The ability to urinate the highest up a wall is a widely-accepted and long-standing marker of male virility.
So working on this venerable scientific benchmark – and not to be outdone by Scottish Water’s plans to generate heat from sewage – scientists at Bristol Bio Centre are set to demonstrate how they can turn urine into ‘renewable’ electricity.
The BBC boffins will demonstrate their Pee Power project at this year’s Glastonbury pop festival by using urine and microbial fuel cell technology to generate electricity.
Pee Power works via stacks of microbial fuel cells that use urine as a fuel for direct electricity generation when live bacteria consumes urine for their growth and maintenance. The microbial fuel cell technology taps a portion of that biochemical energy used for microbial growth, and converts it directly into electricity.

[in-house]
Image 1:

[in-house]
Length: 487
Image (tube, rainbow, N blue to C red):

Pee Power from the 40-man urinal (sounds very sexist!) which is the closest to the Pyramid stage at this years’ festival will for the first time power up displays giving information and festival updates.
It is anticipated that at pee-k times, there will be more than 1,000 litres of urine per day flowing through the microbial fuel cells generating enough Pee Power to charge 10 information panels.
The Pee Power project is funded by the Bill and Melinda Gates Foundation.